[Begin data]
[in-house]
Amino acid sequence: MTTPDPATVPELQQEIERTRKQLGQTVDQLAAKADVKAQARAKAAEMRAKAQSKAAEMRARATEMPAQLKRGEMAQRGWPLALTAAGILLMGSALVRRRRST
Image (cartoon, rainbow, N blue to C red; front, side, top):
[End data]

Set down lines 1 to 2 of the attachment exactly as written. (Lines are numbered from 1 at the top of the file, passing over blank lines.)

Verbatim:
[in-house]
Amino acid sequence: MTTPDPATVPELQQEIERTRKQLGQTVDQLAAKADVKAQARAKAAEMRAKAQSKAAEMRARATEMPAQLKRGEMAQRGWPLALTAAGILLMGSALVRRRRST